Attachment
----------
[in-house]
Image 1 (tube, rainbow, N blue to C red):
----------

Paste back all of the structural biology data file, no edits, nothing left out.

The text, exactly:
[in-house]
Image 1 (tube, rainbow, N blue to C red):